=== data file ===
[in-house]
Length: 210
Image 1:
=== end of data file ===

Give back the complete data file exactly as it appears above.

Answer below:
[in-house]
Length: 210
Image 1: